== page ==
# Random effects model

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In statistics, a **random effects model**, also called a **variance components model**, is a statistical model where the model parameters are random variables. It is a kind of hierarchical linear model, which assumes that the data being analysed are drawn from a hierarchy of different populations whose differences relate to that hierarchy. In econometrics, random effects models are used in panel analysis of hierarchical or panel data when one assumes no fixed effects (it allows for individual effects). The random effects model is a special case of the fixed effects model.

Contrast this to the biostatistics definitions,^{[1]}^{[2]}^{[3]}^{[4]} as biostatisticians use "fixed" and "random" effects to respectively refer to the population-average and subject-specific effects (and where the latter are generally assumed to be unknown, latent variables).

## Qualitative description[edit]

Random effect models assist in controlling for unobserved heterogeneity when the heterogeneity is constant over time and not correlated with independent variables. This constant can be removed from longitudinal data through differencing, since taking a first difference will remove any time invariant components of the model.^{[5]}

Two common assumptions can be made about the individual specific effect: the random effects assumption and the fixed effects assumption. The random effects assumption is that the individual unobserved heterogeneity is uncorrelated with the independent variables. The fixed effect assumption is that the individual specific effect is correlated with the independent variables.^{[5]}

If the random effects assumption holds, the random effects estimator is more efficient than the fixed effects model. However, if this assumption does not hold, the random effects estimator is not consistent.^{[citation needed]}

## Simple example[edit]

Suppose *m* large elementary schools are chosen randomly from among thousands in a large country. Suppose also that *n* pupils of the same age are chosen randomly at each selected school. Their scores on a standard aptitude test are ascertained. Let *Y*_{ij} be the score of the *j*th pupil at the *i*th school. A simple way to model the relationships of these quantities is

where *μ* is the average test score for the entire population. In this model *U _{i}* is the school-specific

**random effect**: it measures the difference between the average score at school

*i*and the average score in the entire country. The term

*W*is the individual-specific random effect, i.e., it's the deviation of the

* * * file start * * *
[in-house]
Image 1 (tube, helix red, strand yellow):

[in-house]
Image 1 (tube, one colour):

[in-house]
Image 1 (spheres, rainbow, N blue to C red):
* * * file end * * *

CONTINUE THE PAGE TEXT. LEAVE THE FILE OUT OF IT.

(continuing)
_{ij}*j*-th pupil’s score from the average for the

*i*-th school.

The model can be augmented by including additional explanatory variables, which would capture differences in scores among different groups. For example:

where Sex_{ij} is the dummy variable for boys/girls and ParentsEduc_{ij} records, say, the average education level of a child’s parents. This is a mixed model, not a purely random effects model, as it introduces fixed-effects terms for Sex and Parents' Education.

### Variance components[edit]

The variance of *Y*_{ij} is the sum of the variances τ^{2} and σ^{2} of *U*_{i} and *W*_{ij} respectively.

Let

be the average, not of all scores at the *i*th school, but of those at the *i*th school that are included in the random sample. Let

be the grand average.

Let

be respectively the sum of squares due to differences *within* groups and the sum of squares due to difference *between* groups. Then it can be shown^{[citation needed]} that

and

These "expected mean squares" can be used as the basis for estimation of the "variance components" *σ*^{2} and *τ*^{2}.

## Unbiasedness[edit]

In general, random effects are efficient, and should be used (over fixed effects) if the assumptions underlying them are believed to be satisfied. For random effects to work in the school example it is necessary that the school-specific effects be uncorrelated to the other covariates of the model. This can be tested by running fixed effects, then random effects, and doing a Hausman specification test. If the test rejects, then random effects is biased and fixed effects is the correct estimation procedure.

## Applications[edit]

Random effects models used in practice include the Bühlmann model of insurance contracts and the Fay-Herriot model used for small area estimation.

## See also[edit]

- Bühlmann model
- Hierarchical linear modeling
- Fixed effects
- MINQUE
- Covariance estimation
- Conditional variance

## Further reading[edit]

- Baltagi, Badi H. (2008).
*Econometric Analysis of Panel Data*(4th ed.). New York, NY: Wiley. pp. 17–22. ISBN 978-0-470-51886-1. - Hsiao, Cheng (2003).
*Analysis of Panel Data*(2nd ed.). New York, NY: Cambridge University Press. pp. 73–92. ISBN 0-521-52271-4. - Wooldridge, Jeffrey M. (2002).
*Econometric Analysis of Cross Section and Panel Data*. Cambridge, MA: MIT Press. pp. 257–265. ISBN 0-262-23219-7.

## References[edit]

**^**Diggle, Peter J.; Heagerty, Patrick; Liang, Kung-Yee; Zeger, Scott L. (2002).*Analysis of Longitudinal Data*(2nd ed.). Oxford University Press. pp. 169–171. ISBN 0-19-852484-6.**^**Fitzmaurice, Garrett M.; Laird, Nan M.; Ware, James H. (2004).*Applied Longitudinal Analysis*. Hoboken: John Wiley & Sons. pp. 326–328. ISBN 0-471-21487-6.**^**Laird, Nan M.; Ware, James H. (1982). "Random-Effects Models for Longitudinal Data".*Biometrics*.**38**(4): 963–974. doi:10.2307/2529876. JSTOR 2529876.**^**Gardiner, Joseph C.; Luo, Zhehui; Roman, Lee Anne (2009). "Fixed effects, random effects and GEE: What are the differences?".*Statistics in Medicine*.**28**(2): 221–239. doi:10.1002/sim.3478. PMID 19012297.- ^
^{a}^{b}Wooldridge, Jeffrey (2010).*Econometric analysis of cross section and panel data*(2nd ed.). Cambridge, Mass.: MIT Press. p. 252. ISBN 9780262232586. OCLC 627701062.